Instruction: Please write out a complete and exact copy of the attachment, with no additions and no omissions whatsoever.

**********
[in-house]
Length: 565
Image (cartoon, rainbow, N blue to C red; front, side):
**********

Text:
[in-house]
Length: 565
Image (cartoon, rainbow, N blue to C red; front, side):